I solved 2 problems at once. I used a piece of old polyurethane groudsheet and made 2 inside leg half gaiters that hold any baggy trousers close to my leg to stop the crampons spiking them and enclose the crampons with the same elastic and hook and loop, when they are stored. weight 40grams 1.4 ounces They actually nearly surround my partner's kahtoola's too as I often carry both.Feb 4, 2010 at 11:44 am #1569771
I don't bag my crampons… But when I tuck them into an outer stretchy pocket, I just sandwich the points together so they can't pierce anything.Feb 18, 2010 at 4:46 pm #1575495
drowning in spamMember
The soda bottle case is pretty slick and simple, plus they would be good for catching water from shallow creeks and seeps, and may even work as a snow anchor if a bit of twine was run thru it.Feb 19, 2010 at 10:26 pm #1576233
@biointegraLocale: Puget Sound
As for the crampons, I've usually just strapped them to the outside of my pack with the points facing out: net 0 oz.
We used to use those soda-bottle (or sometimes Clorox bottles) contraptions when caving (with the addition of a shoulder strap), because they are so durable and you're constantly taking off your bags to squeeze through narrow passageways.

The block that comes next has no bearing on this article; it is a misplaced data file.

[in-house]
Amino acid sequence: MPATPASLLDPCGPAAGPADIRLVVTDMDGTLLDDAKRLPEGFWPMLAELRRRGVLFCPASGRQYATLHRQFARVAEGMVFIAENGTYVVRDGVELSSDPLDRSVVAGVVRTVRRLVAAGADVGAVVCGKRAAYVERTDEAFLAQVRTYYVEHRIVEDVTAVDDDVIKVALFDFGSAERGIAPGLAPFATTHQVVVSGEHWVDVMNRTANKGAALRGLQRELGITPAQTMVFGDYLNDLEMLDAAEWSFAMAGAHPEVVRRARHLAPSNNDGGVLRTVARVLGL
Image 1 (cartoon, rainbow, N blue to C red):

If they must go inside for some reason, then I set them with points facing inward and wrap the straps around them. If need be, I sandwich a pair of socks in between them to keep the points from sticking past one another. Then I wrap a fleece or other more abrasion resistant item around them.Feb 6, 2013 at 1:54 am #1951275
I too would like to keep my crampons on the outside to both save volume within my pack, easy of access and to keep the melted ice and dirt out. I've made a crampon case from two small milk jugs, but it's more trouble getting the crampons down to their minimum size and stuffing it in the case. Does anyone have experience or any ideas on constructing a crampon patch on the front of the pack?Feb 7, 2013 at 8:38 pm #1952062
@dirtbagclimberLocale: Pacific Northwest
For years I have just used an old stuff-sack made of light un-coated nylon and it has worked just fine. I have also used the stubai bags the OP mentions and they are quite nice, but the old stuff-sack is lighter.